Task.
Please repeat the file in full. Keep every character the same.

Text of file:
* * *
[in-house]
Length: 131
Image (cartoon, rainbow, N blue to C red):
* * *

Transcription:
[in-house]
Length: 131
Image (cartoon, rainbow, N blue to C red):